Teachers have shared with us some of the following comments pertaining to how trauma sensitive practice has changed them as Educators and impacted them personally:

  • “I feel that I have more permission to do what I feel is ‘right’. I now do what I would do at home with my own children and that is to be more therapeutic in my approach with my students”.
  • “There has been evidence of a change in the culture of the school. The staff are much more respectful of each other and more willing to be open and supportive”
  • I feel that I am not as reactive. I ‘stop and pause’ before I respond. I try to understand the child’s feelings. If a child is exhausted, I let them sleep”.
  • “My stress levels have decreased. I have been a lot calmer and we are having more fun. The curriculum is not the be all and end all”
  • “I have become more reflective. I am nurturing my own children differently. This has really helped me at home. I have stopped ‘micro-managing’.
  • “I am reflecting on many things differently. I am approaching emotions (mine and others) differently. I am mindful of when I am (or others) about to ‘flip my lid’.
  • “I have been reflecting a great deal on my parenting style. I am being much more attentive and engaged with my own children”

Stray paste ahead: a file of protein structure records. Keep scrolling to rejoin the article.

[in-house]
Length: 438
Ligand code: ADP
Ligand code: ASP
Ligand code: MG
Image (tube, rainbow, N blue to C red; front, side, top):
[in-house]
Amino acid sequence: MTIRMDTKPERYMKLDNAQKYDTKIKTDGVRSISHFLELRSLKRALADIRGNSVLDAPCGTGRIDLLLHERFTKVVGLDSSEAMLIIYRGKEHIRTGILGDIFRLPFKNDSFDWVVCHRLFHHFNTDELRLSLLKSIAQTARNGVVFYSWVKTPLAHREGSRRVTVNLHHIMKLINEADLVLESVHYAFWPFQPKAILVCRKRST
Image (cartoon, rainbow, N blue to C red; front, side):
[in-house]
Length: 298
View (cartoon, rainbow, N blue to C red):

• “The project has confirmed my ‘values’ and what is important to me when I became a parent.”
  • “This project has made a complete difference in my entire life. My life will be completely different from here on in”.
  • “Instead of existing, I now know how to live”.
  • “I have learnt that relationships are key. It is important to set children and teachers up for success”.
  • “There have been significant improvements in the staff group. They have ‘come more together’ and are much more supportive of each other.”
  • “I see a different culture in the school. Calmer. More respectful. The children are supporting each other and being more empathic”.

This list goes on and on and I wish to thank those educators who have shared with me their experience ofthe differences the projects have made to their professional and personal lives. This is truly humbling and the work the educators have put into these projects has been nothing short of astounding. And…I commend each and every one of them for their dedication to and diligence in working with us on the Action Research that highlights such a ‘change agent’ for their school sites.

Following soon we will present a few Blog articles written by key personnel from a number of departments who will share with our readers their experiences of partnering with us at ACF and the benefits and bonuses of the Action Research also.

Should you wish to know more about how the ACF School Services Program can support your school or department, please do not hesitate to make contact us by clicking here.